Gender in sustainability research : Inclusion, intersectionality, and patterns of knowledge production

Research output: Journal Publications and ReviewsRGC 21 - Publication in refereed journalpeer-review

15 Scopus Citations
View graph of relations


Related Research Unit(s)


Original languageEnglish
Pages (from-to)900-912
Journal / PublicationJournal of Industrial Ecology
Issue number4
Online published4 Jan 2021
Publication statusPublished - Aug 2021


This cross-disciplinary study examines gender inclusion and intersectionality in theknowledge production of sustainability research. Building on studies of gender inclusion as essential for quality research, we develop a three-step framework that analyzesthe socio-demographic profile of researchers (sustainability by whom?), key researchtrajectories (sustainability of what?), and beneficiaries of sustainability research (sustainability for whom?). Our methods include a survey and a bibliometric analysis. Thesurvey was administered at the joint conference of the International Society for Industrial Ecology and the International Symposium on Sustainable Systems and Technology in 2017. The survey results show gendered differences in collaboration patterns.The survey results also indicated a good level of gender inclusion among the experts inthis field, but the bibliometric analysis showed that gender issues remain marginal inthe studies of industrial ecology. In contrast to industrial ecology, we found increasingattention to gender in other areas of sustainability research (climate change, corporatesocial responsibility, food production, resource management, energy policy, and environmental behavior and education), but even there, “gender” tends to be equated with“women” in traditional gender roles, ignoring the role of intersectionality—the intersection of gender with income, age, and other demographic characteristics. Therefore,this study makes recommendations to approach gender critically, by using theoreticallenses from gender studies scholarship (i.e., gender as a constructed, intersectional,dynamic category). We show how these lenses enable better assessments of the environmental impacts of industrial processes on people of diverse backgrounds in the context of changing patterns of work and consumption.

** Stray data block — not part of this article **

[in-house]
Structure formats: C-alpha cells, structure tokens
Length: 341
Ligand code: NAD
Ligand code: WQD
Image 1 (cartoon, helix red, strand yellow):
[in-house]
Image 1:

Research Area(s)

  • diversity, gender, industrial ecology, intersectionality, sustainability, sustainable development goal 5 (SDG 5)